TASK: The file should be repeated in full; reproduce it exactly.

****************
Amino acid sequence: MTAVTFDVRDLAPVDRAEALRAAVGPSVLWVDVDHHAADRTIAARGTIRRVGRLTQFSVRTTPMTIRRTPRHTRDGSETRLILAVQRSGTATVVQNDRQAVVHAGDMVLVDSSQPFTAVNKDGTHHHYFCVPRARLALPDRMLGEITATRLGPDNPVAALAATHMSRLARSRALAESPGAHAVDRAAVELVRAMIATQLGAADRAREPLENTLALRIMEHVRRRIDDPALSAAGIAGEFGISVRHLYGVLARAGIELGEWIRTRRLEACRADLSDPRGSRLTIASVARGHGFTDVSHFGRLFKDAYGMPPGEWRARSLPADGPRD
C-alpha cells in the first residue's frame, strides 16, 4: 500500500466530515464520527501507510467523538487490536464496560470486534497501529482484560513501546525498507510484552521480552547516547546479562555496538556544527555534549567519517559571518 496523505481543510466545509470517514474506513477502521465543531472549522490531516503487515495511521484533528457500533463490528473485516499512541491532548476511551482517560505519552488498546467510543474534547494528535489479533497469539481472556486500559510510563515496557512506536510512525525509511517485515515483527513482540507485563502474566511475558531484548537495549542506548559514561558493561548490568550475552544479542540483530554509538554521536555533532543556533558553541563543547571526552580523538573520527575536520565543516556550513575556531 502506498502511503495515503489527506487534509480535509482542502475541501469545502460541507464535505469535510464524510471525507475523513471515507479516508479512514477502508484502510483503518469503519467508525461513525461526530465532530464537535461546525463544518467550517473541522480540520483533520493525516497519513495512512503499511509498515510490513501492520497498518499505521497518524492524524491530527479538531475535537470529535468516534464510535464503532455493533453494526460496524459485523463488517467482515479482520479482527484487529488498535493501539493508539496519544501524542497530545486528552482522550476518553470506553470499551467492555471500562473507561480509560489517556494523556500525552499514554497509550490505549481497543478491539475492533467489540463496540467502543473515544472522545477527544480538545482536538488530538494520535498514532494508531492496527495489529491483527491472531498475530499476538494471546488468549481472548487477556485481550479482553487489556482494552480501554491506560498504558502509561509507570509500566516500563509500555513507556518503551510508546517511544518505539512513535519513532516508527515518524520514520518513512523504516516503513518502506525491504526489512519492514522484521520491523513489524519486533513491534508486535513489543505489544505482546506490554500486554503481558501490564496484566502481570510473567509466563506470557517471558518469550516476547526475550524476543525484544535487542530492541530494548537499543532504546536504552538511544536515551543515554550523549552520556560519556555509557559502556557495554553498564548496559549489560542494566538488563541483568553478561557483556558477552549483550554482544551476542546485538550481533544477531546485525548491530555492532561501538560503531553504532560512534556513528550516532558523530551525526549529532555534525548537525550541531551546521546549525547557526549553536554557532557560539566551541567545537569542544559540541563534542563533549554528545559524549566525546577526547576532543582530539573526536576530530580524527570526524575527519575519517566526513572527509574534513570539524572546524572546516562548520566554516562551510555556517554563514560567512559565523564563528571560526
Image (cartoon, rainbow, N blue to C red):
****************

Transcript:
Amino acid sequence: MTAVTFDVRDLAPVDRAEALRAAVGPSVLWVDVDHHAADRTIAARGTIRRVGRLTQFSVRTTPMTIRRTPRHTRDGSETRLILAVQRSGTATVVQNDRQAVVHAGDMVLVDSSQPFTAVNKDGTHHHYFCVPRARLALPDRMLGEITATRLGPDNPVAALAATHMSRLARSRALAESPGAHAVDRAAVELVRAMIATQLGAADRAREPLENTLALRIMEHVRRRIDDPALSAAGIAGEFGISVRHLYGVLARAGIELGEWIRTRRLEACRADLSDPRGSRLTIASVARGHGFTDVSHFGRLFKDAYGMPPGEWRARSLPADGPRD
C-alpha cells in the first residue's frame, strides 16, 4: 500500500466530515464520527501507510467523538487490536464496560470486534497501529482484560513501546525498507510484552521480552547516547546479562555496538556544527555534549567519517559571518 496523505481543510466545509470517514474506513477502521465543531472549522490531516503487515495511521484533528457500533463490528473485516499512541491532548476511551482517560505519552488498546467510543474534547494528535489479533497469539481472556486500559510510563515496557512506536510512525525509511517485515515483527513482540507485563502474566511475558531484548537495549542506548559514561558493561548490568550475552544479542540483530554509538554521536555533532543556533558553541563543547571526552580523538573520527575536520565543516556550513575556531 502506498502511503495515503489527506487534509480535509482542502475541501469545502460541507464535505469535510464524510471525507475523513471515507479516508479512514477502508484502510483503518469503519467508525461513525461526530465532530464537535461546525463544518467550517473541522480540520483533520493525516497519513495512512503499511509498515510490513501492520497498518499505521497518524492524524491530527479538531475535537470529535468516534464510535464503532455493533453494526460496524459485523463488517467482515479482520479482527484487529488498535493501539493508539496519544501524542497530545486528552482522550476518553470506553470499551467492555471500562473507561480509560489517556494523556500525552499514554497509550490505549481497543478491539475492533467489540463496540467502543473515544472522545477527544480538545482536538488530538494520535498514532494508531492496527495489529491483527491472531498475530499476538494471546488468549481472548487477556485481550479482553487489556482494552480501554491506560498504558502509561509507570509500566516500563509500555513507556518503551510508546517511544518505539512513535519513532516508527515518524520514520518513512523504516516503513518502506525491504526489512519492514522484521520491523513489524519486533513491534508486535513489543505489544505482546506490554500486554503481558501490564496484566502481570510473567509466563506470557517471558518469550516476547526475550524476543525484544535487542530492541530494548537499543532504546536504552538511544536515551543515554550523549552520556560519556555509557559502556557495554553498564548496559549489560542494566538488563541483568553478561557483556558477552549483550554482544551476542546485538550481533544477531546485525548491530555492532561501538560503531553504532560512534556513528550516532558523530551525526549529532555534525548537525550541531551546521546549525547557526549553536554557532557560539566551541567545537569542544559540541563534542563533549554528545559524549566525546577526547576532543582530539573526536576530530580524527570526524575527519575519517566526513572527509574534513570539524572546524572546516562548520566554516562551510555556517554563514560567512559565523564563528571560526
Image (cartoon, rainbow, N blue to C red):